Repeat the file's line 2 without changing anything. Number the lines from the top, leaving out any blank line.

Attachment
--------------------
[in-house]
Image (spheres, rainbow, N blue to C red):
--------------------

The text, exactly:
Image (spheres, rainbow, N blue to C red):